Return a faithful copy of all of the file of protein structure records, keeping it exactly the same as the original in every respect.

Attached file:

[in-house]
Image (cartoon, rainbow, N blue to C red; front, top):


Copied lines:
[in-house]
Image (cartoon, rainbow, N blue to C red; front, top):